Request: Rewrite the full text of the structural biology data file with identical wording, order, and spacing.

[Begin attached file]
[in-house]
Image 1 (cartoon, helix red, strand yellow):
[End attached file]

[in-house]
Image 1 (cartoon, helix red, strand yellow):